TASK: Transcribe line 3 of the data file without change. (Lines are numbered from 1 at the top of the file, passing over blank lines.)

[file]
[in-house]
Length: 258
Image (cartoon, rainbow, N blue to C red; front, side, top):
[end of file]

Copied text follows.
Image (cartoon, rainbow, N blue to C red; front, side, top):